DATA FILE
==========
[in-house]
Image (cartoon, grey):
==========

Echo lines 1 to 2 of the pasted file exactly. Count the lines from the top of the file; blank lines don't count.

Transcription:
[in-house]
Image (cartoon, grey):